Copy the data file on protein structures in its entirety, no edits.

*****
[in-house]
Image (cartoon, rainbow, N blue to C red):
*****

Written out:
[in-house]
Image (cartoon, rainbow, N blue to C red):